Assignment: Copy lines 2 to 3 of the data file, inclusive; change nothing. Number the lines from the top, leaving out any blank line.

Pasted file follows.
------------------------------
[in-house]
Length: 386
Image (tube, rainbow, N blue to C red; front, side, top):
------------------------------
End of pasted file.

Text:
Length: 386
Image (tube, rainbow, N blue to C red; front, side, top):